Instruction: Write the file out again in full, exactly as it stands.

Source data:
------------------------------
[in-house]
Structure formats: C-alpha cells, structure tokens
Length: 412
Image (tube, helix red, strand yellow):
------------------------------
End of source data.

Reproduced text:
[in-house]
Structure formats: C-alpha cells, structure tokens
Length: 412
Image (tube, helix red, strand yellow):